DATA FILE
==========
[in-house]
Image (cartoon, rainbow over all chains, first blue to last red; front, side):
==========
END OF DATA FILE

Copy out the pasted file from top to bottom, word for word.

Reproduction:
[in-house]
Image (cartoon, rainbow over all chains, first blue to last red; front, side):